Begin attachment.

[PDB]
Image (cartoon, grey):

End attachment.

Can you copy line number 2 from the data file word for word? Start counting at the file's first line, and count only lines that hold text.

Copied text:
Image (cartoon, grey):